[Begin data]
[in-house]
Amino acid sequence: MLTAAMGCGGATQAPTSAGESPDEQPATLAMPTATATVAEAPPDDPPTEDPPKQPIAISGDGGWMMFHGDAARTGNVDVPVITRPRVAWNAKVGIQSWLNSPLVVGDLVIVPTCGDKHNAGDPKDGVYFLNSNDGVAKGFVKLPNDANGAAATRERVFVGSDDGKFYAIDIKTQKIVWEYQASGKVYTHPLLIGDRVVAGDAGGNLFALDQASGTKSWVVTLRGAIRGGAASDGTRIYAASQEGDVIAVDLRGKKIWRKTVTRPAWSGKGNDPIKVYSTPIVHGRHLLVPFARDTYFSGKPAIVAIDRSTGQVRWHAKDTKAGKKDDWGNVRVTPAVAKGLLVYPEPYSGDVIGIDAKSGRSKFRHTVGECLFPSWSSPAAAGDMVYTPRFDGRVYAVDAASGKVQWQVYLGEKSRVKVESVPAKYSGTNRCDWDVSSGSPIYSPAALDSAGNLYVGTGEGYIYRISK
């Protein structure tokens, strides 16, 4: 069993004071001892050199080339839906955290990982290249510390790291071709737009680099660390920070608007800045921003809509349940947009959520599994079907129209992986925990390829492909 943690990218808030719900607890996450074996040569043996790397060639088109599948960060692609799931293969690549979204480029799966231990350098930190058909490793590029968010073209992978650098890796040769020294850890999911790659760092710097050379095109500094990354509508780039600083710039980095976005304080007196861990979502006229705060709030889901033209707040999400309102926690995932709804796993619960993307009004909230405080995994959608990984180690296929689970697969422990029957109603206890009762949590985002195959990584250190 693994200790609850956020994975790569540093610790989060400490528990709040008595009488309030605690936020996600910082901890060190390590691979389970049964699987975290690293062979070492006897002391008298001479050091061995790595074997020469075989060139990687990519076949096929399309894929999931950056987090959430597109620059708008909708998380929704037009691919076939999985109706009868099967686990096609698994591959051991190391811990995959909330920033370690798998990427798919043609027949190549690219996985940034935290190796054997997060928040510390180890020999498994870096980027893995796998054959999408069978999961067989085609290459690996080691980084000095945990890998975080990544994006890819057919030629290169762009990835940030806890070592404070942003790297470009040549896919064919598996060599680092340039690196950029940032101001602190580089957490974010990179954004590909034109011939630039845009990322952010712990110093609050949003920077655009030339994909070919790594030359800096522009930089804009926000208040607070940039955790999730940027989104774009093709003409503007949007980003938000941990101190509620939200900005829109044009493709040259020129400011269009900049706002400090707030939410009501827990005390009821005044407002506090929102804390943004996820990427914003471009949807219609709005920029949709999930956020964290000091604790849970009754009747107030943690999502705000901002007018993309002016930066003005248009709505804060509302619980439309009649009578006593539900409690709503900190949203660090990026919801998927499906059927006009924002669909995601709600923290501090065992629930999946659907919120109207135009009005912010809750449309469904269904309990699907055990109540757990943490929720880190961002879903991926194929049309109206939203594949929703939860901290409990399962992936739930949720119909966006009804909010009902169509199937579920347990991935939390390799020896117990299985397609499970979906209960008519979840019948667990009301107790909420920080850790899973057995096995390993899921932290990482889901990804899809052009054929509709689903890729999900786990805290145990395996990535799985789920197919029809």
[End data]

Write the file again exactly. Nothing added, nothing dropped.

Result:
[in-house]
Amino acid sequence: MLTAAMGCGGATQAPTSAGESPDEQPATLAMPTATATVAEAPPDDPPTEDPPKQPIAISGDGGWMMFHGDAARTGNVDVPVITRPRVAWNAKVGIQSWLNSPLVVGDLVIVPTCGDKHNAGDPKDGVYFLNSNDGVAKGFVKLPNDANGAAATRERVFVGSDDGKFYAIDIKTQKIVWEYQASGKVYTHPLLIGDRVVAGDAGGNLFALDQASGTKSWVVTLRGAIRGGAASDGTRIYAASQEGDVIAVDLRGKKIWRKTVTRPAWSGKGNDPIKVYSTPIVHGRHLLVPFARDTYFSGKPAIVAIDRSTGQVRWHAKDTKAGKKDDWGNVRVTPAVAKGLLVYPEPYSGDVIGIDAKSGRSKFRHTVGECLFPSWSSPAAAGDMVYTPRFDGRVYAVDAASGKVQWQVYLGEKSRVKVESVPAKYSGTNRCDWDVSSGSPIYSPAALDSAGNLYVGTGEGYIYRISK
């Protein structure tokens, strides 16, 4: 069993004071001892050199080339839906955290990982290249510390790291071709737009680099660390920070608007800045921003809509349940947009959520599994079907129209992986925990390829492909 943690990218808030719900607890996450074996040569043996790397060639088109599948960060692609799931293969690549979204480029799966231990350098930190058909490793590029968010073209992978650098890796040769020294850890999911790659760092710097050379095109500094990354509508780039600083710039980095976005304080007196861990979502006229705060709030889901033209707040999400309102926690995932709804796993619960993307009004909230405080995994959608990984180690296929689970697969422990029957109603206890009762949590985002195959990584250190 693994200790609850956020994975790569540093610790989060400490528990709040008595009488309030605690936020996600910082901890060190390590691979389970049964699987975290690293062979070492006897002391008298001479050091061995790595074997020469075989060139990687990519076949096929399309894929999931950056987090959430597109620059708008909708998380929704037009691919076939999985109706009868099967686990096609698994591959051991190391811990995959909330920033370690798998990427798919043609027949190549690219996985940034935290190796054997997060928040510390180890020999498994870096980027893995796998054959999408069978999961067989085609290459690996080691980084000095945990890998975080990544994006890819057919030629290169762009990835940030806890070592404070942003790297470009040549896919064919598996060599680092340039690196950029940032101001602190580089957490974010990179954004590909034109011939630039845009990322952010712990110093609050949003920077655009030339994909070919790594030359800096522009930089804009926000208040607070940039955790999730940027989104774009093709003409503007949007980003938000941990101190509620939200900005829109044009493709040259020129400011269009900049706002400090707030939410009501827990005390009821005044407002506090929102804390943004996820990427914003471009949807219609709005920029949709999930956020964290000091604790849970009754009747107030943690999502705000901002007018993309002016930066003005248009709505804060509302619980439309009649009578006593539900409690709503900190949203660090990026919801998927499906059927006009924002669909995601709600923290501090065992629930999946659907919120109207135009009005912010809750449309469904269904309990699907055990109540757990943490929720880190961002879903991926194929049309109206939203594949929703939860901290409990399962992936739930949720119909966006009804909010009902169509199937579920347990991935939390390799020896117990299985397609499970979906209960008519979840019948667990009301107790909420920080850790899973057995096995390993899921932290990482889901990804899809052009054929509709689903890729999900786990805290145990395996990535799985789920197919029809």